Workers across Connecticut are enjoying a shortened week, thanks to the Labor Day holiday. But as we honor the work of everyday men and women, let’s give a special thanks to one group that’s had a tough time recently: local TV news reporters and producers. It’s a job that, despite what the president says, isn’t at all “fake news!”
Local journalists must be on-call 24/7, as we saw with disasters like Hurricane Harvey last week in Houston and in 2012 with Hurricane Sandy here in Connecticut. Before the storms hit, news stations go into what’s called “continuous coverage” – broadcasting 24-hours a day, without commercials, for days on end. Instead of preparing themselves, their families, their pets and their homes, reporters and producers pack suitcases to live at the station until the danger has passed.
If they’re lucky, the station reserves a block of nearby hotel rooms for everyone to share, two to a room. But often, it means sleeping on cots in spare offices or unused studios, eating buffet-style food, and showering in restrooms while “off duty.”
In the control room, producers are working five to eight hours straight, constantly looking for new live shots to take, checking with reporters to see if they have new information, putting the anchors and meteorologists on-air, setting up phone interviews with emergency officials and storm victims, and making sure it all happens seamlessly. But they’re the lucky ones. At least they’re dry and warm inside.
Reporters and photographers are out in the storm and flooding for eight to 12 hours at a time. Between live hits, they’re walking around getting video and interviews, only retreating into live trucks, businesses, or homes when they have enough elements to put a story together. They also have to be ready to move to a new location at a moment’s notice as news breaks – often driving through the very same conditions the anchors are urging people to avoid.
But even on typical news days, there’s nothing easy or glamourous about producing and reporting TV news. Gone are the days when reporters would work as a team, covering events with a seasoned photojournalist, video editor and live truck operator. Instead, most stations, including those in the Hartford / New Haven market (the 30th largest in the country) now use “one man bands” to cover the news. Reporters go out into the community alone, shooting their own video, finding and conducting their own interviews, writing their own stories, editing their own video, and often setting up their own live shots far from the comfort of the TV station. While this approach saves the station’s owner money, it makes the job of reporting more difficult and stressful than ever before.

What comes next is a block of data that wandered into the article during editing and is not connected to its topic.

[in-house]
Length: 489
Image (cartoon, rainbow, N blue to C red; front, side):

The hours TV reporters and producers work are also among the most difficult in any profession. Have a “9 to 5” Monday through Friday schedule is rare. For a typical morning newscast, for instance, producers arrive at 11 p.m. the night before and work all night long, until 7 or 8 a.m. Sunshine becomes their enemy. They have to train their bodies to sleep during the day and stay awake all night long. Other shifts aren’t much better. Journalists routinely give up their weekends, evenings at home with their families, and even major holidays like Thanksgiving, Christmas and the Fourth of July, since news happens 365-days a year, not just on days when it’s convenient for journalists.
On top of all this, TV reporters and producers are paid less than most people think. According to the Radio Television Digital News Association, salaries in small TV markets like Springfield, Massachusetts or Burlington, Vermont hover about $26,000. In markets the size of Connecticut, often a second or third job for most journalists, reporters only make about $55,000 per year. Producers and photographers make even less. Only high-profile anchors crack six figures. So in other words, few people get rich reporting the news.
But despite all this, TV news is still an amazing profession, and there are more people who want to be TV journalists than there are jobs available. Why? Because, like nursing, art, or teaching, it’s “a calling.”
Journalists love the energy of a newsroom, the excitement of breaking news, and the ability to see first-hand the things most people only read about or watch on TV. They get to cover a new story each day, talk to interesting people, and love the idea of running towards things (like hurricanes) that most people run away from. They can’t imagine sitting in an anonymous office working 9 to 5 and doing the same thing hour after hour, day after day. They do it not for money or comfortable hours, but to help the public.
So this holiday week, let’s take a moment to thank and appreciate the people who work long sometimes dangerous hours for low pay, all to keep the rest of us safe and informed.
Ben Bogardus is an assistant professor of journalism at Quinnipiac University’s School of Communications.